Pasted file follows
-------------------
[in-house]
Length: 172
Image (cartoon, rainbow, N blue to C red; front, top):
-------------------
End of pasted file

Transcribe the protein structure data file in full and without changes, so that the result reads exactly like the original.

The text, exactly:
[in-house]
Length: 172
Image (cartoon, rainbow, N blue to C red; front, top):